Scientists warn against geoengineering as short-term climate fix

‘Irresponsible’ to rely on techniques to strip carbon or reflect sunlight to slow global warming, EU analysis concludes

A plume of aerosols from an eruption at the Pinatubo volcano gave scientists insights (Wikimedia commons)

The plume from an eruption at the Pinatubo volcano in 1991. Scientists investigated aerosols released into the atmosphere for its effect on the ozone (Wikimedia commons)

By Alex Pashley

Controversial methods to engineer the climate are no substitute for cuts to greenhouse gas emissions over the next decades, European researchers have concluded.

Stripping carbon gushed by industrial plants or dimming the sun’s rays through spraying sulphates have been proposed as techniques to keep a global temperature rise to a “safe” level.

But a consortium of 14 institutes, EuTRACE, warned against such targeted interventions due to issues developing the nascent technologies and high costs, in a report published on Wednesday.

“It is not yet clear whether it is possible to develop and scale-up any proposed climate engineering technique to the extent that it could be implemented to significantly reduce climate change,” said Naomi Vaughan at the Tyndall Centre for Climate Change Research at the University of East Anglia.

The planet cannot warm more than 2C from pre-industrial levels by 2100 to avoid catastrophic climate change, countries and scientists have agreed.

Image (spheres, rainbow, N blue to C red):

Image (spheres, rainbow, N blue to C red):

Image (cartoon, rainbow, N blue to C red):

Report: Is avoiding 2C of global warming possible?

To stay within that target, emissions will have to fall to net zero at some point in the next half-century, according to the UN’s science panel, the IPCC.

With emissions on course to overshoot the target, scientists are exploring geoengineering options to keep the planet cool.

Countries shouldn’t count on these untested methods, the report cautions.

(credit: IASS Berlin)

(credit: IASS Berlin)

“It is important to understand the possibilities and problems associated with climate engineering proposals, in order to make decisions on them in a responsible manner,” said Mark Lawrence, the project’s coordinator and scientific director of the IASS Potsdam.

“But it would be irresponsible, based on all we know so far, to expect climate engineering to significantly contribute to solving the problem of climate change in the next several decades.”

The report stated it was “sensible” to continue to investigate techniques such as carbon capture and storage, stratospheric aerosol injection, or ocean iron fertilisation to understand their potential.

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Existing research on climate engineering is limited, mostly based on climate models and small-scale field trials, researchers said.

Carbon re-capture was not an “easy option” to stop climate change, said Stuart Haszeldine, professor of carbon capture at the University of Edinburgh.

“Inventing and constructing climate engineering is far too slow, it is not clear who will pay, and there can be negative impacts on many countries, often poorer nations. Who will choose?”

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